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DateLine Sunday, 8 April 2007

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Body & Soul - Compiled by Shanika Sriyananda
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Cigarette smoking and health

Cigarette smoking is the greatest epidemic facing humanity and use of tobacco is the second major cause of death in the world.

Cigarette smoking is currently responsible for the death of one in ten adults worldwide (about 5 millions deaths each year according to World Health Organisation (WHO) website 2002).

Every eight seconds, someone dies from tobacco use. If current smoking pattern continues it will cause some 10 million deaths each year by year 2020.

Half the people that smoke today, that is, about 650 million people will eventually be killed by tobacco. 15 billion cigarettes are sold daily or 16 million every minute and the total number of cigarettes is enough to send 3 million smokers to the grave annually.

This includes both passive and active smoking. Smoking is becoming one of the important risk factors not only in the industrialised countries but also in the developing countries such as Sri Lanka.

In 1974, N. J. Wallooppillai and D. P. Atukorale carried out a research project (sponsored by Sri Lanka Science Council) to find out the common causes of myocardial infraction (heart attacks) among the young Sri Lankans (i.e. those below the age of 40 years) and we came to the scientific conclusion that smoking is the commonest coronary risk factor in the young infarcts.

I have come across thousands of young widows (and their school going children) thanks to the good work of the cigarette industry. Like other more developed countries, these widows should take legal action against the cigarette companies for the damages.

About 12 times more British people have died from smoking than from World War II. Cigarettes cause more than one in five Americans deaths. Great effort has been made to reduce the number of smokers in the developed countries, for example the percentage of the population that smokes in England has been reduced to 9% and in United States to 25%.

However, the number of smokers has been increasing in developing countries. The percentage of population who are smokers is about 22% in the Asiatic countries, and 42% in the African Countries.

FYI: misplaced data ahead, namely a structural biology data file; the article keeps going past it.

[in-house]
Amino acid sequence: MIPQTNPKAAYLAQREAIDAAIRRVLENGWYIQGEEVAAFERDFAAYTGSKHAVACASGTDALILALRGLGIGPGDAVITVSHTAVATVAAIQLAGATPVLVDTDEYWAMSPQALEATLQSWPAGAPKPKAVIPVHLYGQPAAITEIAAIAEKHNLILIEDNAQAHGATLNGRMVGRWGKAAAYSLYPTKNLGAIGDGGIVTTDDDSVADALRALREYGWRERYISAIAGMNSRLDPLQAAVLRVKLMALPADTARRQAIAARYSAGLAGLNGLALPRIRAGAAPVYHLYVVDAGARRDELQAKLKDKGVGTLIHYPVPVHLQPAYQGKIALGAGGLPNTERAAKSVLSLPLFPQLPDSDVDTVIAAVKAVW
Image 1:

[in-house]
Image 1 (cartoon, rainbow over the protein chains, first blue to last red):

The economic costs of tobacco use are equally devastating. In addition to high public health costs of treating tobacco caused diseases, tobacco kills people at the height of their productivity, depriving families of breadwinners and nations of a healthy workforce.

Tobacco users are also less productive while they are active due to increased sickness.

In 1994, W.H.O. report estimated that the use if tobacco resulted in an annual global net loss of U.S. 200 billion dollars, a third of the loss being in developing countries. (Reference B. M. J. 1994, 309, 901-911).

Mortally in relation to long term smoking: 40 years observation of male British Doctors by R. Doll, R. Peto, K. Wheatley, I. Sutherland.

A prospective study of mortality in relation to smoking habits was assessed for male British doctors from 1951-1991.

A large regiment of 34,439 British male doctors who replied to a postal questionnaire in 1951 of whom 10,000 had died during the first 20 years and another 10,000 died during the second 20 years.

The death rate ratio during 1951-1991 (comparing continuing cigarette smokers with life long non-smokers) was approximately threefold at age group 45-54 and twofold at ages 65-84. The excess mortality was chiefly from diseases that can be caused by smoking.

Positive association with smoking was confirmed for death from cancers of mouth, esophagus, pharynx, larynx, lung, pancreas and larynx, bladder, from chronic obstructive pulmonary disease, from vascular diseases; from peptic ulcer and (perhaps because of confounded by personality and alcohol use) from cirrhosis, suicide and poisoning.

Those who stopped smoking before middle age subsequently avoided all the excess risk that they would otherwise have suffered and even those who stopped smoking in middle age were subsequently at less risk than those who continued to smoke. It now seems that about half of all regular cigarette smokers will eventually be killed by their habits.